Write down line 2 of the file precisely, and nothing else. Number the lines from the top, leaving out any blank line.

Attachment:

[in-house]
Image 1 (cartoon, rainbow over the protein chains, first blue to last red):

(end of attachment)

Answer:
Image 1 (cartoon, rainbow over the protein chains, first blue to last red):